Faced with this problem of providing reliable performance standards, it is essential that the system, the task, the metrics used to control performance learning during the task, and the mechanisms for providing feedback have somehow been validated by an expert to ensure that the training criteria and skill assessment provided by the system match those required for performing real surgical tasks. Since many different physical task models exist, surgical simulator training is permanently confronted with a problem of generalization of the learning curves and, ultimately, skill transfer to real-world surgical interventions.
The task model and control principles conceptualized in this work should be implemented at the earliest stages of “dry lab” simulator training. It could be adapted to a variety of eye-hand-tool coordination tasks that allow for computer controlled criteria relative to task precision p at any critical task moment in time t. Early simulator training tasks should successfully tell apart the performance levels of a large number of novices from those of a surgical expert, not necessarily trained on the simulator but exhibiting a stable near-optimal performance with respect to task precision, as in the case discussed above. If an early training system satisfies this criterion, then it is indeed likely to measure critical aspects of surgical skill that will transfer to real surgical tasks. Ultimately, this should help produce a selection of trainees that will perform better later on, in more specific tasks on physical models, or in a clinical context. Then, direct supervision by experts will allow fostering individual expertise even further to produce excellence at the highest level of surgical proficiency (Figure 5).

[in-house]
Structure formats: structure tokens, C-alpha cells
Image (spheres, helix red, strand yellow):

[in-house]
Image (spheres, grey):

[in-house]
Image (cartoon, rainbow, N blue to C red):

Finally, whatever the simulator, a single performance metric inevitably gives a partial assessment of user performance [20]. Task completion time as a sole criterion has been explicitly demonstrated to be a poor or even misleading measure of surgical skill [1,23]. Some metrics assume a simple global optimum value, such as a minimal tool path length, or a minimal completion time, and other quantities such as forces [6,21] or velocities [23,33,34,35]. The ideal values of these may vary in relation to changes in conditions, which may have to be considered. Analysis of expert performance only will give insight into the nature of such dependencies and help to develop better simulators. The fact that some important elements of surgical proficiency have not, or not yet, been explored undeniably adds heuristic value to new conceptual approaches to unsupervised training, like the approach brought forward in this article. The latter can, in principle, be adapted to any simulator system that exploits criteria for task precision in limited task time. It is based on previously validated cognitive models of human performance learning that have shown that the individual speed–precision strategies of novices, which occur spontaneously and unconsciously [4,24,25,26,27], may compromise precision learning at all further stages of training if not controlled and corrected for as early as possible in the process. In robot-assisted surgical procedures, where the camera moves along with the tool, for example [10,11,12,13,14,15,16], metrics such as camera movement frequency, camera movement duration, or camera movement interval are important indicators of technical skill, i.e., the proficiency/precision with which the trainee controls the tool, in combination with other performance metrics such as task completion time, economy of tool motion, or master workspace range. An automatic training control procedure of the kind proposed in this article could be adapted to any such performance criteria, provided device-specific expert performance benchmarks are available.